Warwickshire County Record Office’s WOVeN Mining the Seams project
WOVeN (Warwickshire Online Volunteer Network) encompasses several projects combining the use of digital technology and archive material to reach new audiences and improve access to collections. One of these is the Wellcome Trust-funded project, Mining the Seams, which included a volunteer element to digitise and transcribe compensation registers from the Midland Colliery Owners’ Mutual Indemnity Company. The resulting searchable database enables statistical analysis of compensation payments due to mining incidents across the Midlands. Using the WOVeN model of remote volunteering, Mining the Seams aimed to recruit 20 volunteers, using social media and other online publicity to reach a wider, non-traditional audience.
Digitised images were shared with volunteers via cloud-based servers, along with pre-prepared spreadsheets with which to collect the information needed to create a searchable index. The system requires only basic digital experience as the project team hopes to improve the digital skills and confidence of its volunteers.
The database of compensation database, containing 71,206 entries, was selected as one of Who Do You Think You Are? Magazine’s top 50 New Digital Family History Resources for 2021.
WOVeN continues to develop projects suitable for remote volunteering and is currently recruiting new volunteers at an average rate of one to two a week.
The project was commended for bringing people together in lockdown and helping people develop their technical skills. The judges felt the project was well thought-through, and that the approach the team took was particularly innovative when it came down to the use of technology to support remote volunteering. The well-being aspect of the project, particularly at a time that was challenging for many people who felt isolated, was particularly impressive and they have managed to create and sustain a community as one of the key legacies of the project.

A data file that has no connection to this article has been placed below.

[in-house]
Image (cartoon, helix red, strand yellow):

Councillor Heather Timms, portfolio holder for Environment, Climate and Culture with Warwickshire County Council, comments: "We are delighted to receive such a prestigious award and for the dedication of the staff and volunteers to have been recognised. The hard work and inventiveness of the staff, coupled with the commitment and enthusiasm of the volunteers, has created an amazing way for people to volunteer from their own home from anywhere across the globe. Warwickshire is awash with fabulous heritage and WOVeN gives people the opportunity to connect with some of the most interesting archives we are fortunate to have the privilege to safeguard and share."
Sally Bevan, Secretary of the ARA’s Volunteer Committee, comments: “These were two excellent projects with little to separate them, so the panel were torn between which to choose as the overall winner. Although we normally only have one overall winner, given the challenging year archive services have endured, we wanted to celebrate and thank as many of our volunteers as possible for continuing to ‘stick with us’ so we decided to opt for a joint 2021 winner.”
All this year’s award entries were commended for their commitment to their volunteers and how well they adapted to working online during the pandemic.